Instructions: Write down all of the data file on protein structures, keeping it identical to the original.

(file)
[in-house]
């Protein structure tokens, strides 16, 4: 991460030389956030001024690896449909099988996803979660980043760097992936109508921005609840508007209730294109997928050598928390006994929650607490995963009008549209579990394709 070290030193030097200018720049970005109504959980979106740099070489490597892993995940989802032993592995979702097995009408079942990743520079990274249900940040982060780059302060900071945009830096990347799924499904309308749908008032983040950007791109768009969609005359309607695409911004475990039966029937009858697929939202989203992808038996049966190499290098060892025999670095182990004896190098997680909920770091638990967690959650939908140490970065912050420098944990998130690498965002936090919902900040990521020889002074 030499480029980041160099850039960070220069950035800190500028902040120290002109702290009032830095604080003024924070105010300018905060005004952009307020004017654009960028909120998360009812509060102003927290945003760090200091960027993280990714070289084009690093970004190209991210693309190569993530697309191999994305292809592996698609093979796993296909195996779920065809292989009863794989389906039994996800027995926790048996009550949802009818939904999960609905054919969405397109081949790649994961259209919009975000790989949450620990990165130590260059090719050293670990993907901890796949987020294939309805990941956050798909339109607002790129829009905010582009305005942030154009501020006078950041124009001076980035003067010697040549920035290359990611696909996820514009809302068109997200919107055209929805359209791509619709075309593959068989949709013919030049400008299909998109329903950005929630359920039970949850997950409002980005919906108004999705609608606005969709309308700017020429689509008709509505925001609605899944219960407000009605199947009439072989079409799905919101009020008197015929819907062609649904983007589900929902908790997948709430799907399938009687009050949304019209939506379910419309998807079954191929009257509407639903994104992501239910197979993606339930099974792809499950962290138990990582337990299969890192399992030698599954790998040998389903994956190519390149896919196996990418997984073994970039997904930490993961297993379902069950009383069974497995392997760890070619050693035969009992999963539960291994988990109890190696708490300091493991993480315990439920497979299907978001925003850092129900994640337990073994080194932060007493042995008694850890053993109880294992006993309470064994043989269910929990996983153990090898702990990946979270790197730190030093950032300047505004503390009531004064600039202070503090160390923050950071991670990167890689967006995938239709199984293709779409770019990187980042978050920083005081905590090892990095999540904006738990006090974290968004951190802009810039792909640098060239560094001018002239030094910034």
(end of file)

[in-house]
């Protein structure tokens, strides 16, 4: 991460030389956030001024690896449909099988996803979660980043760097992936109508921005609840508007209730294109997928050598928390006994929650607490995963009008549209579990394709 070290030193030097200018720049970005109504959980979106740099070489490597892993995940989802032993592995979702097995009408079942990743520079990274249900940040982060780059302060900071945009830096990347799924499904309308749908008032983040950007791109768009969609005359309607695409911004475990039966029937009858697929939202989203992808038996049966190499290098060892025999670095182990004896190098997680909920770091638990967690959650939908140490970065912050420098944990998130690498965002936090919902900040990521020889002074 030499480029980041160099850039960070220069950035800190500028902040120290002109702290009032830095604080003024924070105010300018905060005004952009307020004017654009960028909120998360009812509060102003927290945003760090200091960027993280990714070289084009690093970004190209991210693309190569993530697309191999994305292809592996698609093979796993296909195996779920065809292989009863794989389906039994996800027995926790048996009550949802009818939904999960609905054919969405397109081949790649994961259209919009975000790989949450620990990165130590260059090719050293670990993907901890796949987020294939309805990941956050798909339109607002790129829009905010582009305005942030154009501020006078950041124009001076980035003067010697040549920035290359990611696909996820514009809302068109997200919107055209929805359209791509619709075309593959068989949709013919030049400008299909998109329903950005929630359920039970949850997950409002980005919906108004999705609608606005969709309308700017020429689509008709509505925001609605899944219960407000009605199947009439072989079409799905919101009020008197015929819907062609649904983007589900929902908790997948709430799907399938009687009050949304019209939506379910419309998807079954191929009257509407639903994104992501239910197979993606339930099974792809499950962290138990990582337990299969890192399992030698599954790998040998389903994956190519390149896919196996990418997984073994970039997904930490993961297993379902069950009383069974497995392997760890070619050693035969009992999963539960291994988990109890190696708490300091493991993480315990439920497979299907978001925003850092129900994640337990073994080194932060007493042995008694850890053993109880294992006993309470064994043989269910929990996983153990090898702990990946979270790197730190030093950032300047505004503390009531004064600039202070503090160390923050950071991670990167890689967006995938239709199984293709779409770019990187980042978050920083005081905590090892990095999540904006738990006090974290968004951190802009810039792909640098060239560094001018002239030094910034």